One out of one hundred and sixty children globally has been diagnosed with autism. In the United States alone, one out of sixty eight children lay within the autism spectrum. This complex brain disorder affects social and motor abilities found in the early stages of children development. Recently, Chinese researchers have developed “transgenic” monkeys that are linked to autistic behaviors. These monkeys introduce a different prospective for studying human autism and may be the model system that will help discover the cure. Mice have been the preferred model for studying any genetic disorders, but they have their limitations. On the contrary, monkeys provide better tools for human research because they are more closely related than mice.
In humans, a gene known as MECP2 is associated with core symptoms of autism. Whenever this gene is over-expressed or over duplicated, autistic behaviors are the outcome. In order to see if this gene has an effect on animals other than humans, Chinese researchers injected MEPC2 into a monkey’s eggs, allowing them to be fertilized and later transferred to a surrogate monkey. When creating their first transgenic monkey, eight live monkeys were born. Each monkey carried the MEPC2 gene. Although these monkeys acted normal, they lacked normal social behaviors. They did not interact with grooming and frequently moved in repetitive, circular motions. The most interesting behavior they exhibited was increased anxiety when humans were near. The only attribute the monkeys did not display was having a seizure which is a key feature in autistic humans.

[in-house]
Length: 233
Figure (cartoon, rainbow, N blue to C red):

Chinese scientists continue to explore and use brain imaging to target areas for autism-like behavior. If the target can be identified, a gene editing tool called CRISP/Cas9 will be used to control the gene. The only issue researcher’s face right now is the expenses of maintaining the monkeys, but without the monkeys, we may not find a cure.
In my opinion, I believe that researchers have come one step closer to curing autism. I view myself as an optimist and like think that everything has a cure or solution. Monkeys are human’s closest relatives, so if they can genetically modify the gene that is causing these social behaviors, I believe the same solution could be used with humans. The only problem that concerns me is that the monkeys do not exhibit all features of autism compared to human symptoms, such as seizures. This might be proof that monkeys do not reproduce the human duplication disorder. Through all the hard work and research scientists put into their studies, a solution to autism will be on the way shortly.